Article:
Plastic Chairs & Art History
We don’t think much of plastic chairs nowadays, but imagine a time when plastic was a novelty and owning something made out of it was considered an artistic statement.
Weird, right? We just don’t think of those crusty old lawn chairs as being anything other than what they are – an affordable seating option that doesn’t have to be dragged indoors every time it rains.
It wasn’t always like that, though. Back in the 1950s, plastic chairs were making a name for themselves.
Among Many, One – The Panton Chair
Of course, there were hundreds – if not thousands – of plastic chairs sitting around (pun intended) after polymers went into mass production in the 50s, but it was a Danish designer named Verner Panton who elevated a novelty to an art form.
The first Panton chair was produced in 1965, and it was the first chair made from a single piece of molded plastic. Predecessors included the Eames’ 1948 shell design, which was arguably the first mass-produced plastic chair – but it included fiberglass and had metal legs.
The Panton, on the other hand, was plastic only and it didn’t hurt its popularity that it looked like something straight out of the future. Imagine the purple Panton design pictured above sitting in your home in 1965.
Amazingly, the style persists to this day, due in no small part to its historical significance. Ultimately, however, people appreciated it more for its form than its function and it never enjoyed the mainstream success of mass production.
Enter Eames … Again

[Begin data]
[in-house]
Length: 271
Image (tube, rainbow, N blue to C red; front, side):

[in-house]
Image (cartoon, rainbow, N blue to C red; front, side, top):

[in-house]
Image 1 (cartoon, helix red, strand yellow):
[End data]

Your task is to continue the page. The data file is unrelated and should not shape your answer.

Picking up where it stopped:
Despite the physical allure and stackable quality of the Panton, it was the Eames shell that would become the template for every cafeteria and classroom chair in America.
The 1948 model, which was produced until 1968, sat alongside the Panton with regard to respect for its design, but it somehow managed to break through the barrier of the art world and enter into mass production.
So, if the Eames shell was so popular, why did they stop making them? It’s a good question that’s probably best answered by the vagaries of the furniture market and the ebb and flow of consumer taste.
But, it wouldn’t be the end of Eames – or of Panton.
The Mid-Century Modern Comeback
For whatever reason, “retro” style is on the rise and mid-century furniture design is alive and well in many mod corners of America. Some will argue it never died, but they might be the same people who never stopped wearing bell bottoms.
To each their own, of course, and as (art) history has shown us – these are indeed revolutionary chair designs, and it’s hard to deny them another chance at greatness.
James Madeiros is Lead Copy & Concept Design for ATGStores.com, an online home improvement retailer and Lowe’s subsidiary.